Knowing Your Audience Demographics

Without question one of the major contributors to the successful delivery of a speech is to have your audience all feel as if you are talking directly to them. The ability to connect at a “heart level” greatly increases the bond you have with your audience and leads to a well-received presentation.

Connect With Your Audience At A Heart Level

It does not matter if your speech is a keynote presentation or a platform selling situation. If you understand the demographics of your audience then you can better tailor your content in order to connect at a deeper level with the crowd.

So what types of information would you want to know in advance of a presentation about the audience that might help you do a better job? This list is not necessarily all-inclusive, but is a good starting point for you.

  • Is your audience primarily male or female?
  • What is the average age of the audience? Are you talking to teens, baby boomers, senior citizens, etc.?
  • Where are the audience attendees from? Is it a local crowd, a regional gathering, national or international?
  • What is their educational background?
  • What type(s) of businesses are represented in the audience? (For example, you would not want to use a bunch of real estate examples if you are talking with a group of restaurant owners)
  • Is it a G—PG—PG13—R—or “F Bomb” type of crowd?
  • Have you delivered a presentation to this same audi- ence previously?
  • If it is a multiple speaker event, who else is sharing the platform and what will they be talking about?

Much of this information should be available from the event pro- moter. Large events that have been held many times in the past also often have sponsorship packets that contain great demographic information about the attendees because they are trying to attract sponsorship money. But you can use this information also to learn more about the audience to which you will be speaking.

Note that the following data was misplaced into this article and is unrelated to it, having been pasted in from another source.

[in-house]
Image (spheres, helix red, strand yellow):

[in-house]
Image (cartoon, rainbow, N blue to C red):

If you are delivering a keynote presentation, particularly to a single corporate client then you will want to do some research to try to figure out who the “movers and shakers” are within the audience. A great way to find this information is to simply call the main switch- board of the company for which you will be presenting. Explain you are delivering a keynote for them at their upcoming event and ask the gatekeeper about the key people who will be attending.

You would be amazed at the kind of information you can gather that will enable you to craft your presentation specifically for that company. When you have the ability to acknowledge key people in the audience during the course of your presentation you really can connect at a much deeper level.

Remember, the more that you can address the specific pain point(s) of the group you will be speaking to the more receptive your audience will be to your presentation. When they feel that you are talking directly to them you come across as much more professional because you have taken the time to truly understand their needs and to deliver information that will be of benefit to them.

When you have the ability to acknowledge key people in the
audience during the course of your presentation you really can connect
at a much deeper level.

Bret Ridgway

And it does not matter if it is a keynote presentation or a platform selling situation. The “pain points” are the critical elements you must incorporate into your presentation. More specifically, your solution for those pain points is what will truly ingratiate you with your audience.